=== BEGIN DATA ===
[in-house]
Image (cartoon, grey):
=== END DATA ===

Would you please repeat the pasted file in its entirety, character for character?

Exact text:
[in-house]
Image (cartoon, grey):